Friday, I went to Wonderroot (an Atlanta spot I am really enjoying) for a hardcore show. With being mostly out of the community for several years, I have been easing my way back in. This was a show I had been looking forward to for some time.
As always, I was too early for the show. When I arrived, it was me and a couple folks setting up. I overheard them talking about the show and one said that they really liked some of the local bands playing that night but had never heard of Capitalist Casualties. They must be old guys. I chuckled, as I think I was an old guy at that point, since I did not know any of the local bands and was there to see the "old guys".
Paradox was the opener, it was their first show and they were quite a nice surprise. I started thinking of the culture of punk and hardcore and age. As I looked around the room I saw a lot of folks dressed like I used to dress, dancing like I used to dance, wearing clothes I used to wear, conversing like I used to converse. It occurred to me how tribal the culture of punk is.
The generations of punk are shorter, about a decade apart, but the tribal elements are all there. The traditions are passed down from generation to generation and people learn about the community from exposure. It surprised me how rare this is is our society. The punk community has done a good job of self-isolation as well has maintaining its identity. It amazes me how much of the culture has escaped the corporate takeover of most musical cultures. No one is making money off the scene, no one is paying for ad space, everyone is there because they feel at home.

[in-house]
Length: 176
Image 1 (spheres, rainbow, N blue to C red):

While there are many issues I have with the community, many of which were the reasons I left so many years ago, I see a new appeal. Perhaps it is the perspective of a generation removed.
Dead in the Dirt are a local vegan straight-edge grindcore band. I am all about the vegan straight-edge but was concerned they might be slightly too metal for me, until they started playing. They were incredible. It was inspiring to see so much passion in their music. It really reminded me of the early years of Tragedy or Drop Dead. They blew me away. They were not just playing songs they wrote, they were offering themselves into the community.
Then Capitalist Casualties played, true to form, West Coast Power Violence. Due to a broken bass strap, they were unable to meet their goal of 25 songs in 30 minutes but it was close! They played it fast, loud, and abrasive. I am sure that those young kids will remember who those old guys are now.